1. First review the marriage entries. Place each married couple identified in the marriage records on an index card, and record the volume, page, and entry number of the marriage.
  2. Review the baptismal entries, and add each child’s information on the card prepared for the parents' marriage. Record the volume, page, and entry number of the baptism on this card. Ignore any information provided on birth date and time.
  3. When a baptismal entry identify parents who were not listed in the marriage entries, make a new index card for them, and add the child to this card. (This new card may require further research in the civil records.)
  4. Review the burial entries, and assign burial information to persons listed on the index cards, and record the volume, page, and entry number of the burial.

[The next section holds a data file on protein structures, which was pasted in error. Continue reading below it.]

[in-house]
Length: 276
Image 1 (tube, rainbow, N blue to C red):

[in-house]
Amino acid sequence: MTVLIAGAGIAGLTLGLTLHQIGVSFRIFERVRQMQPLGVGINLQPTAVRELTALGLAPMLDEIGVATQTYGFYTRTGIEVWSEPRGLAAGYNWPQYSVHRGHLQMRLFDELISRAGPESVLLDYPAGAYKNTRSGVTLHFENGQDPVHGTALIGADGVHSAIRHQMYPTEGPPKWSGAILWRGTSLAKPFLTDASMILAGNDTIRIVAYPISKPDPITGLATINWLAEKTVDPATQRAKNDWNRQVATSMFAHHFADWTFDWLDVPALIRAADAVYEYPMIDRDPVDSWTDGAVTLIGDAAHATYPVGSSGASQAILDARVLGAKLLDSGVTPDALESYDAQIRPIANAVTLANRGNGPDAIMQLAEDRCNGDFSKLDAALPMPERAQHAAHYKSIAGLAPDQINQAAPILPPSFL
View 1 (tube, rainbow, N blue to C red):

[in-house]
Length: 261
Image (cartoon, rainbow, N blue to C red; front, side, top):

5. When the burial entries identify single persons or surviving widows or widowers who are not already on index cards, create a new index card for the person or couple.
  6. Arrange all index cards in alphabetic order, by the name of the male head of the household. If several males have the same name, place them in chronolgical order.
  7. Use Standesamt registers to fill in gaps and to verify questionable entries.
  8. Assign numbers to each family, in strict sequence through the alphabetic listing.

Example

Here is the first complete family listing (numbered family 3) in the Familienbuch of Wasserliesch:
3
ACKVA Nikolaus (Bodenmeister-Aspirant aus Hetzerath wohn. in Karthaus  x 05.09.1854)
oo 16.05.1889 KB 9,102,9
GRUBERT Maria (T.v. Peter u. Katharina KRING [Nr. 402] aus Wasserliersch x 08.06.1861)